Thirty-five studies that involved breast ultrasound -- both handheld and automated breast ultrasound (ABUS) -- were reviewed by a team led by Dr. Wendie Berg, PhD, of the University of Pittsburgh School of Medicine, and Dr. Athina Vourtsis, PhD, from the Diagnostic Mammography Medical Diagnostic Imaging Unit in Athens, Greece. They found adding ultrasound to mammography results in low interval cancer rates and boosted cancer detection rates.
"I think it is important that there are now published results on over 400,000 screening breast ultrasound examinations and the results have been very consistent," Berg told AuntMinnie.com. "In women with dense breasts, ultrasound will find another two to three cancers per 1,000 women screened each year."
Why breast ultrasound?
Dense breast tissue can mask breast cancer on mammography, and furthermore, the denser the breast, the greater the risk of developing breast cancer -- a fourfold increased risk, in fact. Dense breasts are so problematic that 38 states as well as Washington, DC, require some form of density information in mammography results letters sent to patients.
In addition, the February 15 federal budget law included a provision that the U.S. Food and Drug Administration (FDA) must update the national Mammography Quality Standards Act (MQSA) to require that breast density is included in mammography reports sent to providers and in results letters sent to patients. The new rule will likely be effective in early 2021.
Considering dense breasts are harder to image on mammography and more likely to conceal breast cancer, what are physicians supposed to do? The answer: Use supplemental ABUS or breast MRI.
The literature review performed by Berg and Vourtsis covered 361,502 exams. Supplemental handheld ultrasound yielded a cancer detection rate of 2.0 cancers per 1,000 women screening, the authors found (JBI, October 31, 2019). For more results, see the table below.
|Performance of breast ultrasound by operator type
||Radiologists using handheld ultrasound
||Technologists using handheld ultrasound
|Cancer detection rate per 1,000 screens
Invasive lobular carcinomas averaged 15% to 20% of malignancies in the studies in which the cancers were only seen on screening ultrasound. In nearly all the published studies, the mean invasive cancer size ranged from 7 mm to 13 mm.
A 50-year-old woman with negative tomosynthesis. Representative craniocaudal and mediolateral oblique 1-mm tomosynthesis images show heterogeneously dense parenchyma in the upper outer quadrant. Two observers (as part of a research study) called this negative, BI-RADS 1. The patient's mother had breast cancer at age 50, as did her maternal great grandfather at age 60. All images courtesy of Dr. Wendie Berg, PhD, and the Journal of Breast Imaging.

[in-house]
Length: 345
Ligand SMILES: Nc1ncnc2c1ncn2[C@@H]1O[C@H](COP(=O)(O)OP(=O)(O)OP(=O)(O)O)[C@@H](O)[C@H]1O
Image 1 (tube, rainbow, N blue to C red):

In studies in which technologists conducted the ultrasound, the mean invasive cancer size ranged from 9 mm to 14 mm.
"These are the important cancers to find with screening -- invasive cancers caught early require minimal treatment and have an excellent prognosis, and this is why screening reduces deaths from breast cancer," Berg told AuntMinnie.com. "It is also important that automated screening breast ultrasound showed similar performance."
Same patient as above. Screening handheld ultrasound images show this vague indistinctly marginated mass in the right breast at 12 o'clock, 3 cm from the nipple (yellow arrows), assessed as negative by one observer and BI-RADS 4B by the second observer. Ultrasound-guided core biopsy showed invasive lobular carcinoma.
In several large studies -- the Japanese Strategic Anti-Cancer Randomized Trial (J-START) and ACRIN 6666 to name two -- ultrasound lowered the rate of interval cancers to a rate similar for women with fatty breasts, she added.
Ultrasound vs. DBT
How does ultrasound fare when it supplements DBT? In the Adjunct Screening with Tomosynthesis or Ultrasound in Mammography-Negative Dense Breasts (ASTOUND)-1 trial, Tagliafico et al reported that when physicians performed ultrasound in 3,231 women, 11 cancers were seen only on ultrasound (an estimated cancer detection rate of 3.4 per 1,000 women). Nearly all cancers (10 out of 11) were invasive with a mean size of 17 mm, and eight out of 10 (80%) were node-negative.
Other studies demonstrated similar results: a cancer detection rate of 2.4 cancers per 1,000 women (Destounis et al, American Roentgen Ray Society, New Orleans: 2017) and 2.6 per 1,000 (ASTOUND-2).
In a mixed screening and diagnostic population of 698 women with dense breasts and 140 cancers, Kim et al (Breast Cancer Research and Treatment, February 2017, Vol. 162:1, pp. 85-94) found that DBT sensitivity was lower than handheld ultrasound sensitivity (91.4% versus 96.4%), but DBT specificity was higher than that of ultrasound (83.9% versus 73.4%).
"Tomosynthesis slightly improves cancer detection compared with standard digital mammography, but there are still some invasive cancers masked by dense tissue even on tomosynthesis," Berg said.
She and her colleagues are conducting a large prospective study of ultrasound after tomosynthesis at multiple centers in western Pennsylvania and will be presenting some of those results at RSNA 2019 in Chicago.
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